Nobody knows me. Nobody cares about what I do. For too many people these are familiar feelings. Whether assisting customers, mowing lawns, teaching classes, preaching sermons, or distributing worship folders, people need to feel valued.
Ironically, one of the least known people of the Bible helps us deal with feelings of insignificance. The little-known prophet Haggai is tucked away in a spot where pages are seldom turned. One short Old Testament book. Two chapters. Thirty-eight verses. Easily missed.
Often passed over, Haggai knew about being unknown and unappreciated. He worked with people who felt this way. They lived in a distant corner of the powerful Persian Empire, a little cubicle in a giant office complex. Their accomplishments seemed meager compared to those in other portions of their world.
Haggai had one task: motivating people who felt invisible to attempt something great for God. He challenged them to build the temple in Jerusalem. His words were simple, but very challenging.
First, he said, reevaluate your motives. Ask yourself why you do what you do. Are you doing the tasks at hand for God or for yourself? Haggai invited his friends, "Give careful thought to your ways" (Haggai 1:5). Work for God satisfies. Work for self frustrates.
Second, dig a little deeper for God. Keep investing in God's kingdom regardless of the circumstances. This is a difficult word for those who feel they have given all their emotional and physical resources. Haggai's people sacrificed a lot to rebuild Judah. Then troubles came. The work stalled. Their efforts went unrewarded.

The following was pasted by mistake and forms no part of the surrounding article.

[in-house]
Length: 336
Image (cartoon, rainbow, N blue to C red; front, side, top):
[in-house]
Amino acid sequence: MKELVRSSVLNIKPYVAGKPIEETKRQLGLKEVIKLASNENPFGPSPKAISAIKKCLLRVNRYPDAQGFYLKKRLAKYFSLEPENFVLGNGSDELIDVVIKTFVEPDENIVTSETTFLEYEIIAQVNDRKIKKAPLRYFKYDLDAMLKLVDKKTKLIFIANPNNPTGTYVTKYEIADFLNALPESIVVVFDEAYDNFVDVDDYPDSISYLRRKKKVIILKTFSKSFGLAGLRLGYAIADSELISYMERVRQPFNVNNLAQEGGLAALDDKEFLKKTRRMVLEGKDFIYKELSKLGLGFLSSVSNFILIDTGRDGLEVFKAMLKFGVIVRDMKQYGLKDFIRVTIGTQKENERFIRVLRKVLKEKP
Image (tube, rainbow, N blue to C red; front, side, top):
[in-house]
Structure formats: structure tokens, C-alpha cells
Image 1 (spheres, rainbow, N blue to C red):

Nevertheless, Haggai said that God commanded them to "build the house" for Him (1:8). In spite of meager resources they must push on, give a little more.
Third, Haggai advised, let God supply significance. There is a bigger story than ours. It is God's story of redemption, and it has a happy ending.
The people of Haggai's time looked at their building project and hung their heads. It seemed so small compared to the temple Solomon had built. But God promised, "The glory of this present house will be greater than the glory of the former house" (2:9).
How could that be? God himself would come to that temple in the flesh. In that place Jesus preached the good news of the Kingdom. The glory of God visited there as never before.
In God's work, the size of the project does not matter.
What matters is that it is God's work. When we work for God, He makes up the difference. God comes and erases insignificance and anonymity. He sees what we are doing and fills our work with His glory.
Haggai may be overlooked, but I do not think he minds. Despite a lack of resources, he attempted great tasks for God. For the Kingdom's sake, he gave a little more knowing that what was done for God was bigger than it looked. His efforts contributed to the larger story of life, God's great unfolding drama of salvation throughout the ages.
Think About It:
Nobody knows me. Nobody cares about what I do. Author Patrick Lencioni says these feelings are two sure signs that a person isn't doing tasks to the best of his or her abilities. In his book, Three Signs of a Miserable Job, Lencioni maintains that people struggle when they think their work has no value. If they believe no one really knows them, they end up just going through motions. This is true in the church as well as in the workplace.
Feeling as though you don't really matter? Most of us do from time to time. These three tips will serve you well in moving from insignificance to significance.
1. Reevaluate your motives. Ask yourself why you do what you do.
2. Dig a little deeper for God. Keep investing in God's kingdom regardless of the circumstances.
3. Let God supply significance. We are a part of a bigger story than the one we create in our own small world.
Jim Edlin is professor of biblical literature and languages at MidAmerica Nazarene University in Olathe, Kansas.
Holiness Today, Jan/Feb 2010